Critical role of acetylation in tau-mediated neurodegeneration and cognitive deficits

Abstract

Tauopathies, including frontotemporal dementia (FTD) and Alzheimer's disease (AD), are neurodegenerative diseases in which tau fibrils accumulate. Recent evidence supports soluble tau species as the major toxic species. How soluble tau accumulates and causes neurodegeneration remains unclear. Here we identify tau acetylation at Lys174 (K174) as an early change in AD brains and a critical determinant in tau homeostasis and toxicity in mice. The acetyl-mimicking mutant K174Q slows tau turnover and induces cognitive deficits in vivo. Acetyltransferase p300-induced tau acetylation is inhibited by salsalate and salicylate, which enhance tau turnover and reduce tau levels. In the PS19 transgenic mouse model of FTD, administration of salsalate after disease onset inhibited p300 activity, lowered levels of total tau and tau acetylated at K174, rescued tau-induced memory deficits and prevented hippocampal atrophy. The tau-lowering and protective effects of salsalate were diminished in neurons expressing K174Q tau. Targeting tau acetylation could be a new therapeutic strategy against human tauopathies.

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Figure 1: Tau K174 is acetylated at early stages of AD.
Figure 2: K174Q leads to tau accumulation in vitro and in vivo.
Figure 3: Expression of K174Q tau induces neurodegeneration and cognitive deficits.
Figure 4: Salicylate inhibits p300 and reduces ac-K174 tau in cultured neurons and PS19 mice.
Figure 5: SSA treatment prevents hippocampal atrophy, reduces tau pathology and rescues spatial memory deficits in PS19 mice.
Figure 6: Tau-lowering and protective effects of SSA and salicylate involve ac-K174 inhibition.

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Acknowledgements

We thank V. Haroutunian (The Icahn School of Medicine at Mount Sinai) and W.W. Seeley (UCSF) for human brain samples; B. Hann and J. Freimuth (UCSF) for oral gavage; L. Petrucelli (Mayo Clinic) for ac-KIGS antibody; P. Davies (Feinstein Institute for Medical Research) for MC1 and PHF-1 antibodies, Prothena Biosciences for 12E8 antibody; R. Ponnusamy and N. Devidze for advice on behavioral analyses; D. Song for PK analysis (PPL Inc); M. Finucane and S. Liu for advice on statistical analysis; L. Mucke and S. Meada for insightful discussions; L. Grinberg for technical advice on pathological analysis; C. Brennecka, G. Howard and S. Ordway for editorial review; J. Carroll and G. Maki for graphics assistance; E. Nguyen for administrative assistance and AB SCIEX for evaluation of the TripleTOF 5600 at the Buck Institute. This work was supported by a grant from the Tau Consortium (to L.G.) and US National Institutes of Health (NIH) grants 1R01AG036884 and R01AG030207 (to L.G.). We acknowledge the support of the NIH to L.E. (NIH NS40251 and NIH NS062413), and instrumentation from the NCRR shared instrumentation grant S10 RR024615 (to B.W.G.). Behavioral data were obtained with the help of the Gladstone Institutes' Neurobehavioral Core (supported by NIH grant P30NS065780).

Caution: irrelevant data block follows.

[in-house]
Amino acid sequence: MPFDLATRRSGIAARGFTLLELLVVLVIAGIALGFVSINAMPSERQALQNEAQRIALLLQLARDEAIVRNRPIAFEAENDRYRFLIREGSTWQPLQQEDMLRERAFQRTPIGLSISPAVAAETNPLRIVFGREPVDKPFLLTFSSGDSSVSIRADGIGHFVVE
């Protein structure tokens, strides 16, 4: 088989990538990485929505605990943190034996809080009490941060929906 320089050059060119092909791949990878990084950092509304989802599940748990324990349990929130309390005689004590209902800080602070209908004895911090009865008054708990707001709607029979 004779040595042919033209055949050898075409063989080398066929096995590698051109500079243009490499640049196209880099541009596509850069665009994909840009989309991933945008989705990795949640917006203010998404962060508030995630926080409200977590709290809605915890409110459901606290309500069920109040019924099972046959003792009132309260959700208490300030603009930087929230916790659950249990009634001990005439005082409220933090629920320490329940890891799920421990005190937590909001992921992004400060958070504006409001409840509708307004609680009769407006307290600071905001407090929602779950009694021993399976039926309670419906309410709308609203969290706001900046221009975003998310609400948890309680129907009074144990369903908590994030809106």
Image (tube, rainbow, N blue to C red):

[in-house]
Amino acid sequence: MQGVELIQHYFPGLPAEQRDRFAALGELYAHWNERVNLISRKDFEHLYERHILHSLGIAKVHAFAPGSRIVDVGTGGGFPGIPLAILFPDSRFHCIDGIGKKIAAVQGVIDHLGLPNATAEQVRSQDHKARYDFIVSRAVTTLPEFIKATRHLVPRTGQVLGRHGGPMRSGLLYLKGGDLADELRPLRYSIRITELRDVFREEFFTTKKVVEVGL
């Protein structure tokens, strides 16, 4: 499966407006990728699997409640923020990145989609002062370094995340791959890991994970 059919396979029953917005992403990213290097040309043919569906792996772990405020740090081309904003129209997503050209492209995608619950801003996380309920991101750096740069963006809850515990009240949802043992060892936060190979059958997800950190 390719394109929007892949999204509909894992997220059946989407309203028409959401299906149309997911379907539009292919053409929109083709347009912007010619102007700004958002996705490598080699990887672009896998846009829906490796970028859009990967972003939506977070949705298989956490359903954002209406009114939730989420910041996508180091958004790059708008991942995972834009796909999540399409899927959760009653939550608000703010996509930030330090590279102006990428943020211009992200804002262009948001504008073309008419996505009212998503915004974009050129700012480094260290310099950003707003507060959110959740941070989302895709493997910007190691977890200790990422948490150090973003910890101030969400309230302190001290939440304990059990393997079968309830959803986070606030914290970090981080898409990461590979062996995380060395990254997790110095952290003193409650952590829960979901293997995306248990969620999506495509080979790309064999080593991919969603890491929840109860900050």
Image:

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L.G., S.-W.M. and X.Chen. conceived the project. L.G., S.-W.M. and X.Chen. designed experiments. S.-W.M., X.Chen., T.E.T., P.D.S., S.A.M., C.W., K.S., S.S.M., E.D., B.S., X.Cong., J.J., Y.Z., Y.L. and E.M. performed experiments. L.E., B.W.G., M.S., J.G., N.K. and E.V. developed experimental tools or reagents. L.G., S.-W.M. and X.Chen. wrote the manuscript.

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Correspondence to Eric Verdin or Li Gan.

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The authors declare no competing financial interests.

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Min, SW., Chen, X., Tracy, T. et al. Critical role of acetylation in tau-mediated neurodegeneration and cognitive deficits. Nat Med 21, 1154–1162 (2015). https://doi.org/10.1038/nm.3951

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